Founded in Spain in 1911, this association, which is under the Pontifical Council for the Laity, now numbers 5,000 members worldwide in 28 countries, most heavily in Spain and the Philippines. About half the members of the Teresian Association are lay women committed totally to its mission; the other half includes married couples and professionals from all walks of life.
The pillars supporting the Teresian Association are faith and culture, expressed in lifelong commitment to prayer and study. Their spirituality and corporate mission agree with the purpose of the Pontifical Mission libraries.
I absorbed some of this mingling of missions one afternoon during a recent visit to Jerusalem. My particular interest lay in skimming through some periodicals not available in the United States; I was looking for articles that might help one of my daughters with a graduate school paper. The library was filled with students, quietly studying or working together in hushed groups. They were a mix of boys and girls, ranging from middle school children to college students. Some of the girls wore veils, indicating they were Muslim; others dressed according to Western styles.
Maria Luisa Montesinos, the Spanish head librarian, later told me that library card holders were 58 percent Christian and 42 percent Muslim. This simple act of studying together is one more stone in the foundation of Muslim-Christian harmony.
Not far from where I was sitting, Begona Telleria, who is also from Spain, was helping a young student track down just the right book for a project. Across the way, Maria Luisa checked books in and out at the front desk. A mother and two daughters entered; the mother and younger daughter read magazines while the elder daughter conducted her research for a homework assignment.
Just one more afternoon in the life of the library. But where would these people go if this library was not here?
The Teresian focus on faith and culture is expressed in the way these women operate the library. It is not merely a repository for books; it is a learning center with a great assortment of programs.
The Teresians meet with teenagers in small groups to help them build healthy personal relationships. They conduct field trips to enable Palestinian youth to learn more about their culture. There is a sharing group for Spanish-speaking wives of Palestinian husbands, focusing on self-development and parent-child relations. The library sponsors lectures and forums on a variety of topics. And Christian feasts are marked by activities and celebrations.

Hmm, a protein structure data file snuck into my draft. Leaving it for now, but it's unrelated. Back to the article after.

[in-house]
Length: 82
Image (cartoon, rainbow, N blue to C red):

The Pontifical Mission libraries also offer tutorial services. In both the Jerusalem and Bethlehem libraries I met recent graduates of the University of Notre Dame who volunteered to work a year in the Holy Land through the sponsorship of the Accord Foundation. I watched as one of them helped young girls learn English and Spanish.
The libraries offer other services as well, all of which express the mission and purpose of the Teresian Association.
The task of a library is to promote human development, Maria Luisa told me.
The founder of the Teresians, Blessed Pedro Poveda, believed strongly in the transforming power of education. The mission of the Teresians is to provide an education rooted in the values of the Gospel, which embrace all that is truly human. Such education is not limited to the classroom. Hence, Maria Luisa, who spent much of her life as a teacher, now finds it perfectly fitting to work in the Pontifical Mission Library.
The library in Bethlehem is staffed by two Teresians, Mellie Brodeth and May DeCastro, both from the Philippines. Before coming to the Pontifical Mission Library in 1991, Mellie administered the library of Bethlehem University. May told me students from the refugee camps who use the library have a particular interest in books on democracy, hence the staff there is trying to increase the library collection in this area.
Maria Luisa summed up her vision of the Pontifical Mission Library, which is not only a resource center, but a place to form a family that cuts across lines of age, sex, culture and religion.
We try to make those we serve feel like they are being treated as persons. The library is a vehicle for personal contact as well as a place where people may come and learn. The libraries feed the spirit of the people they serve.
George Martin visits the Holy Land regularly.